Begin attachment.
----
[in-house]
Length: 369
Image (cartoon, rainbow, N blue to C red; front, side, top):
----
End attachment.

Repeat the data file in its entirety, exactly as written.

[in-house]
Length: 369
Image (cartoon, rainbow, N blue to C red; front, side, top):